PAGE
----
Open Sim Grid links up all kinds of regions, from stand alones run for free on a local computer to hosted, so instead of one provider with all the worlds, many providers link up in a multiverse network and roll their own. SL has seen the writing on the wall and has decided to ease in another direction – world gaming like Everquest and WOW but the down side is it’ll still cost players a ton of money at the end of the day.

    So while still worlds apart, at least Open Sim is a teensy bit closer ;-p

  • The exception to this would be the Minecraft MMO servers that are run by the multiplayer communities. Just like regular mmo’s, they have economies, currency, buying & selling of goods, blocks have value, depending on what they are, in a player-run free market economy. Things like wood would be next to worthless in many of these types of servers whereas items like charcoal, glass, diamonds, and other items that takes time to acquire, would have more value in currency.

    These servers use mods to create and manage all of the features that you’d expect in an mmo including everything that I’ve mentioned, chat channels, skill levels, a main city, player-operated towns that allow other players to purchase a pre-sized lot in which they can build their own permenant home instead of building out in the wild, and other things like player levels that increase based on skills that the servers have. (Skills like woodcutting, harvesting crops, mining, running, and other skills gain exp by performing these actions. Each action gives a certain amount of exp and the total amount of exp in all skills determines the player’s level. Also, as the level of the skills increase, the ease/performance/bonus rewards given in performing these actions increase.) Housing lots where players can build their own home in the wild and then make it their personal lot by paying for the space using in-game currency, usually based on how big the area of the house is, is another feature in these MMO’s.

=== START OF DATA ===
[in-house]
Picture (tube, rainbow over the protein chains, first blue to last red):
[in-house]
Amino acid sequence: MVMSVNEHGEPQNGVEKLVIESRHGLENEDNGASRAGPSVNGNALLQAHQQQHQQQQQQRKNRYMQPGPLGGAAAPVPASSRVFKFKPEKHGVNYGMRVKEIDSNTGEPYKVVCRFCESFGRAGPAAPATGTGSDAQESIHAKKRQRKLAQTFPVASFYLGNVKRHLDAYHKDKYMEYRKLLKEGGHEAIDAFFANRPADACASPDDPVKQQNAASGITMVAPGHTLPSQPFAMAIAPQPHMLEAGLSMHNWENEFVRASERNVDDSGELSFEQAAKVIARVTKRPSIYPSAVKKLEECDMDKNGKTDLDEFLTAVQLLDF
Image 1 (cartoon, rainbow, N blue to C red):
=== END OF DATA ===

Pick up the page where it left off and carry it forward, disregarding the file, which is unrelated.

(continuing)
It is indeed true that Minecraft, inherently, isn’t based on an MMO structure, however, thanks to the fans and the programming community within them, being able to experience an MMO-style of gameplay is more possible than you might think.

    All you have to do is find the right Minecraft MMO server.

  • Wolfee Darkfang

    One of my friends named Tamias constantly states he wishes he had something with minecraft’s unlimited building capacity, along with Second Life’s prim/model design, voice chat built in, SL’s large community right there with you, while not having to buy the land. I wish it could happen. Both places have their perks. I use both. 🙂